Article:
There is no doubt that this fight will get ugly, and that both sides will end up playing both offense and defense. Motives will be loudly questioned, and accusations will be leveled. Should be interesting – and informative – to watch it all unfold.

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When You Can Make the News Your Story, You Master Public Relations

Starbuck’s cups say “Come Together”

Starbucks CEO Howard Schultz demonstrated marketing genius this week.  He took his common drink of choice for millions of Americans and turned it into the news of the day.

The biggest obstacle to generating consistent publicity for any brand is the often aggressive attack of current events that consumes the media. When war in Israel breaks out or a massacre at a shopping mall or school occurs, news channels develop heartfelt collages choreographed to a stirring musical theme to begin and end each commercial break and that item becomes the only news angle of the day, week or even month.  Take the fiscal cliff, and see how Starbucks made it their story.  (Read more here)

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Juda Engelmayer of HerldPR on CBS about Lance Armstrong’s Brand and Crisis

Juda Engelmayer of HeraldPR on CBS about Lance Armstrong’s Brand and Crisis.  Amidst the doping scandal, Armstrong lost many of his key endorsement deals.  Can his brand be rebuilt and what will it take?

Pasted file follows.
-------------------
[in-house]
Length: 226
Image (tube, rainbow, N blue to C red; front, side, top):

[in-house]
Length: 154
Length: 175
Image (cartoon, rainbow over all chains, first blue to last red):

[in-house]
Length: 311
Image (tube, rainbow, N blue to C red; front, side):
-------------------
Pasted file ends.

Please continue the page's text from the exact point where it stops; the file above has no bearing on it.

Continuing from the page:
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What is George Zimmerman Thinking?

By (about the author)

opednews.com

 In invoking the “God’s plan” message, George Zimmerman and his team of public relations specialists made a critical decision.  The man who shot and killed the unarmed youth Treyvon Martin in Sanford, Florida offered an exclusive interview to Fox News’ Sean Hannity and expressed little remorse while telling America that the events leading to, and Martin’s death were part of God’s plan.  What he did do was attempt to draw support from a different direction; the usually right leaning Christian groups, who are also often strong supporters of the Second Amendment.